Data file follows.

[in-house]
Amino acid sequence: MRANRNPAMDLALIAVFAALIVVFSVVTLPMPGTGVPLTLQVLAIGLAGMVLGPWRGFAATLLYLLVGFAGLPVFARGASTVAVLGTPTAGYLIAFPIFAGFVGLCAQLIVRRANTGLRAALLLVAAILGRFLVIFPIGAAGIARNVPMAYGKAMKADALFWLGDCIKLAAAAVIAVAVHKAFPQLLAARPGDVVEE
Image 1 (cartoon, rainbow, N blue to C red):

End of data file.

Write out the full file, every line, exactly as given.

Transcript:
[in-house]
Amino acid sequence: MRANRNPAMDLALIAVFAALIVVFSVVTLPMPGTGVPLTLQVLAIGLAGMVLGPWRGFAATLLYLLVGFAGLPVFARGASTVAVLGTPTAGYLIAFPIFAGFVGLCAQLIVRRANTGLRAALLLVAAILGRFLVIFPIGAAGIARNVPMAYGKAMKADALFWLGDCIKLAAAAVIAVAVHKAFPQLLAARPGDVVEE
Image 1 (cartoon, rainbow, N blue to C red):